Hazel McHaffie

cemetery

Historical fiction par excellence

The year is 1785. The place is the centre of Paris. Unusually heavy spring rain causes the bank of the cemetery of les Innocents, crammed full of bodies from the plague and the years since, to give way. The neighbours are overwhelmed by the stench and the effluent washing through their cellars. It’s poisoning the very air of the city.

A young engineer from Normandy, Jean-Baptiste Baratte, is called in. The church and the burial ground must be destroyed, he is told; everything must be made sweet again, the poisonous influence of the past must be eradicated. So says no less a personage than the king! Baratte sets about amassing a rag-tag workforce and equipment to achieve this objective, and the macabre task begins. Before long the skeletons become visible … the depths of the many plots are plumbed … a steady procession of horse-drawn carts carries the disinterred bones, under velvet drapes, accompanied by chanting priests, to a newly sanctified quarry for their last resting place … the church and its precious organ are dismantled piece by piece. And gradually, almost imperceptibly, the terrible smell lifts, beautiful flowers begin to grow in the new sanitised soil. But it comes at a price.

It’s a year of
bones, grave-dirt, relentless work. Of mummified corpses and chanting priests. … A year of rape, suicide, sudden death. Of desire. Of love …

The cemetery has been at the heart of life in the area for many people. Their very breath smells of it. Some indeed perceive themselves as its guardians. So what does this clearance mean for them?

There’s pretty Emilie Monnard aka Ziguette, daughter of a prosperous shop owner, whose window overlooks the cemetery. She’s watched burials there for years. Long after the mourners have left, she’s continued to keep watch over the dead like a sister or an angel. Now the man who is to destroy all she holds dear is lodging in her family home, and she will go to any lengths to save her precious heritage.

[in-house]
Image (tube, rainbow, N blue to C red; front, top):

Then there’s the sweet auburn-haired emissary of death, Jeanne, teenage granddaughter of the aged sexton, who knows the cemetery intimately, and regards herself as custodian of its inmates, her vast extended family. Her affiliation to the dead moves her to be protective of what the project unearths. But her naivety, her dreams, end in smithereens when she’s rejected and then ruined.

Jean-Baptiste, however, from the moment he glimpses her, is unaccountably obsessed by the mysterious Austrian, Héloïs Godard – otherwise known as the town’s whore, nothing to do with the cemetery. No one is more disconcerted than he when she agrees to move in with him in his lodgings.

An unlikely setting for a novel you might think: a rank burial ground; it’s destruction. Especially in an age when justice, mercy, honour, sanitation and medicine are crude concepts. But somehow, the very unlikeliness of the backdrop gives additional heft to the story.

Pure, by Andrew Miller, is beautifully rendered with exquisite turns of phrase, and similies, and descriptions, which are pitch-perfect for the era they capture.

… riding out of the rags of last night’s mist

… the kitchen – that scrubbed and orderly world where even the light seems to lie like lengths of rinsed muslin …

Somewhere between very late and very early, some deep velvet-lined pocket of a winter’s night.

He has a candle in his head, all the light he needs, and he begins to play a Couperin trio from memory, his spine and neck arched slightly backwards as though the organ was a coach-and-six and he was hurtling through the centre of les Halles, scattering geese and cabbages and old women.

I was mesmerised – read it in a sitting!

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